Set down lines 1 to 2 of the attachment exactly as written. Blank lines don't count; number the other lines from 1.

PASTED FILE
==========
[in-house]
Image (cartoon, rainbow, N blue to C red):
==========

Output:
[in-house]
Image (cartoon, rainbow, N blue to C red):